Many people think that riding a horse is all the exercise a person needs. While it’s true that horseback riding is an exercise all on its own, there are ways a range of workouts and stretches you can do when you’re not sitting in your saddle in order to improve your ride. Do you find that keeping your heels down is a struggle? How about that slouch that you know you need to get rid of. Horse riding exercises can eliminate or improve many different kinds of issues, from loose legs, to endurance.
If you have strong muscle control and stretch properly, it can help you give clearer cues to your horse, sit your seat more securely, and protect against injury protection. Since you won’t be straining as much it can also help with relaxation in the saddle– something that many riders understand is an important factor in your horse’s movements as well.
Read on for some tips and types of workouts you can do to improve how you ride.
- The Woodchopper— works abs, obliques, and some cardio. Stand straight with your feet about shoulder-width apart, and grab a hand weight (any weight will do!) or medicine ball. Hold the weights with both hands above your right shoulder and then extend your arms in front of your torso, bringing the weight down to your left hip. Follow these same steps, but in reverse until you are back at the top of your right shoulder. After a few repetitions and when you’re ready, you can switch sides.
- Plank— works abs, as well as lower and upper body. Lie face down on the floor, and then raise your body unto your forearms before slowly raising your torso and legs off the ground. The only parts of your body touching the ground should be your forearms and the balls of your feet. You should work on keeping your back straight by squeezing your abs, keeping your core muscles tight. Hold this position for anywhere between 15-30 seconds.
- Leg Lifts— works your abs and lower body. Lie on your back with your hands placed palms-down under your butt, pressing your back into the floor (there shouldn’t be an arch in your spine). Begin the slowly raise one leg about 10 or so inches off the ground, then slowly return it to the floor before doing the same thing with the other leg. You can also do this with both legs at the same time, lifting them to a 90 degree angle and then slowly (doing it fast doesn’t work) lowering them to the floor.
- Stirrup Stretch— stretches out your calf and ankle muscles, and helps you keep your heels down when your feet are in stirrups. This can be done a few ways, but the easiest is probably using a set of stairs or a stepping stool. Stand on the lowest rung/stair holding on to something for balance, and scoot your heels back so that they’re off the edge and you’re balancing only on the balls of your feet. Slowly stretch your heels down until you feel that familiar stretching sensation in the back of your calves and hold for 10 seconds. For improved balance, try letting go of the railing or whatever you’re using for support, and attempt hold yourself for two seconds, eventually working your way up to longer periods of time.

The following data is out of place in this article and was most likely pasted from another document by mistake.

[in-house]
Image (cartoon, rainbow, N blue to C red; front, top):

- Thigh Press— works your inner thighs. You can do this at home with any rubber or plastic ball as long as it is at least a foot in diameter. Sit on a firm chair that will allow you to have your legs bent at a 90 degree angle. Scoot to the edge of the chair so that only your butt is on the edge and place the ball between your knees. Squeeze the ball between your knees, hold for at least 15 seconds, then release. Do a few sets of these, and then eventually work your way up to squeezing the ball for longer amounts of time.
- Hip Abduction/Extension— engages your gluteal, hip, and core muscles. Start on your hands and knees with a straight/neutral spine. Lift your leg out to the side (yes you will look a little funny, but seeing the improvements in the saddle will help you get over that real quick), raising your knee as parallel to the floor as possible. Your spine should remain straight, and the higher you lift the more your core muscles should engage. Bring your knee back down, and then raise your leg out behind you, keeping the core tight. Most people (if you’re doing this correctly) won’t be able to lift their leg very high. At the end, you should feel a burning in your gluteal muscles and core.
- Triceps Kickback— works the back of your arms, and stabilizes your lower body. Stand as if you were on a horse. This means your head should be up, eyes forward, legs about horse-width apart, knees bent slightly with toes out, upper body tilted forward toward the hips, chest open, shoulders apart, elbows bent as if you were holding riding reins. Hold a weight in each of your hands about waist high, with palms facing in towards your body. Keeping your body in this neutral position, slowly straighten your arms behind you, before bending your elbows and returning to the starting position. Do this for at least 15 reps, until you feel that you could try more weights and/or more reps.
- “Fly” Chest & Shoulders— works your chest muscles and your front shoulders. Lie on your back and bend your knees so that your feet are flat on the floor. Hold a weight in each hand, and have your hands outstretched directly above your chest, with your arms straight and elbows only slightly bent. Keeping your elbows bent and arms outstretched, slowly open your arms and bring the weights out and down until your elbows almost touch the floor. Slowly raise your arms back to the starting position, not lifting your shoulders up and keeping them on the floor. Do this 15 times, until you can build up to more.
Staying in shape out of the saddle, means that your time in the saddle will be easier and more effective. When you’re doing these exercises, make sure you’re wearing the proper sportswear so as to not inhibit your movements or stretch out or stain any of your nice clothes.